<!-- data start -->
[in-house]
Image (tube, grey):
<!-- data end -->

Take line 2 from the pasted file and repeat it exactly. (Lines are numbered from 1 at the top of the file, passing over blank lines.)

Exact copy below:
Image (tube, grey):